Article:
Worker recovering after factory blast
A 55-year-old man is in hospital today with serious burns after a massive blast at an explosives factory.Factory owners are today trying to determine what caused the blast at Wardle Storey's manufacturing plant in Brantham after materials thought to be used in making missile heads for the Ministry of Defence exploded and caused a massive fire.
A 55-year-old man is in hospital today with serious burns after a massive blast at an explosives factory.
Factory owners are today trying to determine what caused the blast at Wardle Storey's manufacturing plant in Brantham after materials thought to be used in making missile heads for the Ministry of Defence exploded and caused a massive fire.
The emergency saw more than 40 firefighters from Suffolk and Essex, ambulance crews, the air ambulance and police officers sent to the factory.
Police scenes of crime officers were expected to be attending the site today along with fire investigators to ascertain the cause of the blast.
The explosion, which happened at around 3.40pm yesterday caused chaos on the railways as trains on the London to Ipswich line had to be replaced by buses as it ran directly through a 200m cordon enforced around the site.
Assistant Divisional Officer Ian Bowell, who was in charge of the team of firefighters, said the main problem they faced was dealing with volatile chemicals.
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Mr Bowell said: “By the time we got there, there had already been a serious explosion and our efforts were concentrated on preventing any further explosions.
“We were dealing with some hazardous chemicals - there was a danger of further explosions if they mixed together.
“The firefighters did not have to wear chemical protection suits, but they did need breathing apparatus to allow them to get near enough to bring the fire under control.”
He had to close the railway line because it passes within 50 to 60 metres of the building that was damaged.
Mr Bowell said: “I am sorry for any inconvenience the line closure caused to the passengers, but the line had to be closed because of safety fears.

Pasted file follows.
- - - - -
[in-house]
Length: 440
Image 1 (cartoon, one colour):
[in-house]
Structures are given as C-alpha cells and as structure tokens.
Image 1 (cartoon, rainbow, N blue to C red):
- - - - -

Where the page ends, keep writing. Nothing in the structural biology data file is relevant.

“We imposed a 200-metre exclusion zone around the building because of the danger of further explosions and fears that could send out projectiles.”
He said: “We send the injured man all our best wishes and we hope he makes a full and rapid recovery.”
John Nicholls from the Essex Ambulance Service said: “The air ambulance flew a 55-year-old male to Broomfield burns unit in Chelmsford with extensive burns to his hands, chest, face and abdomen.
“They are serious burns and possibly critical.”
Two fire engines from Manningtree and Holbrook were initially sent to the factory but once the scale of the blaze was confirmed another four pumps from Ipswich, one from Felixstowe and one from Woodbridge were dispatched.
A vehicle from Felixstowe, operation support units from Ipswich and Haverhill and the hydraulic platform from Colchester were also sent.
Firefighters used three ground monitors, an aerial monitor used from the hydraulic platform, four jets and six breathing apparatuses to tackle the fire. By 7pm they had surrounded the fire and were tackling hotspots.
The explosion is believed to have happened during the process of making Xylonite - a highly flammable plastic.
One member of staff said: “There was an explosion in a xylonite mixer.
“Xylonite is a highly flammable plastic we make for the Ministry of Defence. It's really explosive and is used in mortar heads and stuff like that.
“They have made it in there for years and the building is obviously well protected.”
Another member of staff who was working in the building at the time said the fire alarm alerted him to the problem.
He said: “About 100 people were evacuated from the building but we weren't told much.
“We were working in the production line and didn't see or hear anything despite being only about 200 yards away.
“The fire bells went off and there was a message to get out.”
In 1958 a man was killed in a fire at the site, which was then known as BX Plastics Ltd.
Mervyn Austin, former chairman of East Bergholt Parish Council, used to work at the factory.
He said: “The original factory came down from London and one of the original products was xylonite. I think it is quite a dangerous product to make.
“As I understand it nowadays it isn't made all the time and I think it is made for specific, reasonable sized orders. The equipment is mostly standing idol. It is not a continuous process.”